Military members aren’t the only ones reporting misconduct
Warning: This story contains graphic and offensive language
As a woman and civilian working the naval docks along Canada’s West Coast, Krystina MacLean has seen and endured a lot.
Of mixed South Asian descent, she was routinely referred to among colleagues as a “black bitch” by the captain of a Department of National Defence tugboat, who supervised her.
A workplace harassment investigation later acknowledged she was also called a “Paki” on the job, along with other racially and sexually-charged terms of abuse.
While sanding decks on her hands and knees, MacLean said, she was often asked by other male crew members to “service” them while she was down there.
“At the time I just felt … I felt alone. I felt scared to work with these guys,” MacLean told CBC News.
For years, the spotlight on sexual misconduct and racism in the Armed Forces has focused on the actions of military members — a belated social reckoning that has tended to eclipse well-documented instances of egregious abuse directed at civilian employees of the Department of National Defence (DND).
MacLean said she put up with the taunts for five years, from 2006 to 2011. Even as she tried to laugh off the abuse, she said, she felt guilty for not fighting back, for “letting my father and my mother down.”
The tipping point came a decade ago when the captain of the tug she served on, Alex Marjanovich (also a civilian), dropped his drawers and exposed his backside to the crew of another tugboat in what was later described by an investigator, somewhat tamely, as a “mooning incident.”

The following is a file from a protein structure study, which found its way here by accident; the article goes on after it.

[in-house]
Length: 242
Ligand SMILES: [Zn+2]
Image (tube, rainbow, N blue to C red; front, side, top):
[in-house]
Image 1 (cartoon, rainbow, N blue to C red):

According to one witness who spoke to the investigator, the sight of the captain’s bare backside was a regular feature of life along the docks at the naval base in Esquimalt, B.C.
“There was always some sort of inappropriate situation going on all of the time and I just accepted it as the norm. That was until Krystina had a claim,” said Malcolm Rodin, a now-retired marine engineer. He said Marjanovich’s antics were sometimes cheered on by other dock workers.
“I think ninety per cent of the riggers saw him pull his pants down [on a regular basis] and gave him positive reinforcement,” Rodin said. “And I would think everybody on the 250 crane barge, even the barge master, would have seen him pull his pants down.”
Reached by phone late Friday, Marjanovich said military police investigated him over the 2011 “mooning incident” and he was cleared of wrongdoing. No charges were ever laid.
“I was pardoned. I have a letter,” he said. Marjanovich also denied any wrongdoing involving MacLean’s treatment before hanging up the phone.
The case is a stark illustration of how inappropriate behaviour within the defence community is not limited to those in military uniform, despite the recent series of sordid allegations involving senior leaders.
The department’s deputy minister, Jody Thomas, has made a point of saying repeatedly the department’s response to the ongoing misconduct crisis must include the civilian workforce.
Interviewed on CBC Radio’s The Current Tuesday morning, Thomas was not asked specifically about the MacLean case, but instead spoke more broadly about the culture and why misconduct has persisted.
Thomas said she believes that while women have been integrated into the military for over three decades, they haven’t been truly included.
“I think there is a difference between integration and inclusion. There is still a very strong sense of who is entitled to this institution and who isn’t,” she said, adding that the department has to “stop hiding behind words like ‘harmful’ and ‘inappropriate’ sexual behaviour.
“It’s inappropriate behaviour, period … And we have to start calling things what they are because that changes the culture.”